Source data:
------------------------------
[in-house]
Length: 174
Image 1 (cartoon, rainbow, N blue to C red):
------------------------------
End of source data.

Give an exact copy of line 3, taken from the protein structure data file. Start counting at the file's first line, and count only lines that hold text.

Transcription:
Image 1 (cartoon, rainbow, N blue to C red):